Funeral Horse, Sinister Rites of the Master

Funeral Horse, <i>Sinister Rites of the Master</i>

Funeral Horse frontman/guitarist Paul Bearer, aka Paul Chavez, aka Walter Carlos, is something of an enigma to me. I’ve met the guy a few times over the years, live and electronically, and each time he’s been doing something seemingly completely different, sometimes using a different name, and every damn one of those things has been pretty great.

First there was the sadly-overlooked art-punk/New Wave trio Art Institute; then came along sleazy, gritty gutterpunks The Bad Drugs; and now, here we are with the stomping, stoner-metal-esque sludge-rock of Funeral Horse. Each one of those bands was totally off in a different direction from the rest, and yet, still managed to be excellent. (Oh, and through them all, he’s run one of the best record labels in town, Artificial Head Records.) I don’t get how he does it, but damn, it works.

This time around, with Funeral Horse’s debut full-length, Sinister Rites of the Master, Bearer/Chavez/Carlos and bandmates Jason Andy Argonauts (bass) and Chris Larmour (drums) blaze down a murky, dirty highway at night, drifting back and forth across the line between doom-y metal and straight-up, fuzzed-out rawk, drawing just what they need from each side while never getting stuck. Opener “Until the Last Nation” falls is heavy and massive like, say, ISIS or Omotai at points, but it’s still a punk/metal hybrid more than anything else, almost nearing Mudhoney/TAD territory in terms of heavy, noisy rock.

Then there’s “Amputate the Hands of Thieves,” which is faster and sharper-edged (appropriately), the guitars gouging away chunks of sound from inside your ears. It’s more on the metal side, at least from where I sit, bearing an odd resemblance to industrial-metal pioneers Prong with its “machine”-like feel, but that punk influence is definitely still in evidence. The same sort of thing goes for “Executioner of Kings,” which is awesomely pummeling and stutter-stomping, Larmour and Argonauts locked into a truly inescapable.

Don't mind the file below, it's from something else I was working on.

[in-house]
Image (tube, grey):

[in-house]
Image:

“Communist’s Blues,” for its part, veers a little bit off the track, all raggedy and murky, with odd samples buried deep in the background and some surprisingly soulful harmonica. Where things really take a different turn, though — and yes, it’s a welcome one — is on “I Hear the Devil Calling Me”. The band turns down for a minute-and-a-half or so, and rambles quietly through a jangly little countrified tune alongside guest vocalist Sarah Hirsch of fellow Houston rockers Jealous Creatures.

Now, I’m a big, big fan of Hirsch in general, so I was psyched to hear her vocals on the track, but even more so by the gorgeous, low-key, poignant feel of the whole thing. Hirsch’s voice lends the song a serious Cowboy Junkies vibe, and comes off powerfully, full of bitter resignation. It makes for a truly stellar break in the thundering noise that makes up the rest of Rites, and it stopped me in my tracks in the best way imaginable.

But hey, that can’t last, so Funeral Horse lunges back into the muck, roaring through “Stoned and Furious,” which is as dark and angry as the title suggests before closing the album out with a bass-heavy, slow-moving, psych-tinged cover of Rush’s “Working Man” that they pull off so damn well I nearly freaking forgot it wasn’t actually their song.

The whole time I’m listening, I find myself scrabbling and digging to come up with references to make these guys comprehensible, but it wasn’t ’til right there at the end that it truly hit me. They’re not metal, they’re not stoner-rock, they’re not anything that can really be labeled; they’re just a loud, raw, angry ball of fire that gets thrown out onto a stage every once in a while so it can explode. See what it sounds like when it does.

[Funeral Horse is playing its record release party 6/13/14 at Heights Vinyl.]
(Artificial Head Records --; Artificial Head Records (Bandcamp) --; Funeral Horse --; Funeral Horse (Bandcamp) --; Funeral Horse (ReverbNation) --
BUY ME: Bandcamp

Review by . Review posted Friday, June 13th, 2014. Filed under Features, Reviews.

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3 Responses to “Funeral Horse, Sinister Rites of the Master

  1. leia martin on June 18th, 2014 at 4:16 pm

    Hey these guys turned me into a stoner chic! (Or whatever you want to call their style!) :D

  2. Anton on June 21st, 2014 at 10:41 am

    Awesome energy in their live shows!!!

  3. SPACE CITY ROCK » Yr. Weekend, Pt. 1: The Swingin’ Dicks + Funeral Horse + Miami Dolphins + Cop Warmth + Jon Patrick + Adam Bricks + More on November 14th, 2014 at 8:38 pm

    […] like a great cross between Mudhoney sludge and Omotai heaviness. The band’s 2014 debut album Sinister Rites of the Master is excellent; definitely check it — and them — […]

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